Saturday, January 20, 2018

Who used in 2017?

A number of years ago, I provided statistics on the geographic distribution of people who used the free, evaluation service for Oracle Application Express at  I did this in 2008, 2009 and 2011.  It's time for an update.

I've included a graphic of the top 30 and the full report below, and here are my observations:

  • Since 2008, the number of visitor sessions to increased 280 times! That's not percentage, but times.  Percentage-wise, that's 27,985 % growth from 2008 to 2017.
  • In 2008, there were 1 or more visitor sessions from 122 countries/territories.  In 2017, that number increased to 212 countries/territories
  • The USA, India and United Kingdom remain in the top 3.  But the UK is barely hanging onto the #3 position.
  • Colombia vaulted from #11 in 2011 to #6 in 2017.  Bangladesh jumped from #26 to #14.  Japan jumped from #19 to #9.  Wow!

Usage of doesn't necessarily translate into usage of APEX.  These statistics are only a measurement of who is logging into - the actual usage of APEX is far greater.  Also, I fully anticipate the comment "...but as a percentage of population size, our country has the top usage in the world!" (here's looking at you, Netherlands).  But just because someone's country has declined in the rankings doesn't mean that APEX isn't growing's just growing in other countries too!

Lastly, the statistics presented below are sessions, not to be confused with activity.  At the time of this writing, there are 36,133 workspaces on  In the past 7 days, there were 4,643,958 page views, and 1,808 new workspaces requested and approved.

Not only is usage of APEX growing on a global basis, but that growth is accelerating.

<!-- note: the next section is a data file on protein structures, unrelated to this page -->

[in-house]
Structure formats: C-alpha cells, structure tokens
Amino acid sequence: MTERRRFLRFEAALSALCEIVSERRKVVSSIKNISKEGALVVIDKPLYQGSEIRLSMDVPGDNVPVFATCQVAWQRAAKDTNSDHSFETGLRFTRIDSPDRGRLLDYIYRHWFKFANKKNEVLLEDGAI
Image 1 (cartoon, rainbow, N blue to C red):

Monday, January 15, 2018

The top 5 reasons why you should submit an abstract for APEX at the Great Lakes Oracle Conference (GLOC)

APEX Developer Day at Great Lakes Oracle Conference 2017

The Northeast Ohio Oracle User's Group (NEOOUG) is easily one of my favorite user groups on the planet.  They've been graciously hosting me at their user group events since 2004 (when I first gave a demonstration on Oracle HTML DB 1.5!).  They are a large, active and passionate user group.  In the past 14 years, I've seen them grow from simple user group events to "Training Days" at the Cleveland State University campus to a nicely sized regional conference named Great Lakes Oracle Conference.

If you're into Oracle APEX, either on-premises, or in the Oracle Cloud, I encourage you to submit an abstract to speak at the Great Lakes Oracle Conference.  Here are my top 5 reasons why you should strongly consider this:
  1. There is a real hunger for Oracle APEX content at this conference.  There are countless customers in the immediate region who use Oracle APEX.  Last year, they had the first ever Oracle APEX Developer Day in advance of the conference, and it was sold out (100 attendees)!
  2. It's the largest Oracle user's conference in the Midwest US.  It draws people from all over Ohio, Michigan, Indiana, Kentucky and Pennsylvania.  There will be over 500 attendees at the conference in 2018.
  3. The Great Lakes Oracle Conference routinely gets world-class speakers from all over the world, both Oracle employees and Oracle ACEs.  As a speaker, you would be able to attend any session in any track.
  4. There are numerous tracks at the Great Lakes Oracle Conference, including APEX, Oracle Applications, Business Intelligence, DBA, Database Developer and Data Warehousing.
  5. Cleveland, Ohio is on the North Coast of the US.  There, you can visit Great Lakes Brewing Company, Market Garden Brewery, Platform Beer Company,  and the Rock & Roll Hall of Fame.

I come across so many people who say "why would anyone want to hear me talk about that?"  From case studies to lessons learned to best practices in your environment, it's all interesting and valuable.  Not everyone who attends the APEX sessions at GLOC are experts, so entry-level sessions are also welcome!

I encourage you to submit an abstract today.  The deadline for abstract submission is February 2, 2018.

Tuesday, January 09, 2018

Can you use Oracle Database Unified Auditing with Oracle APEX?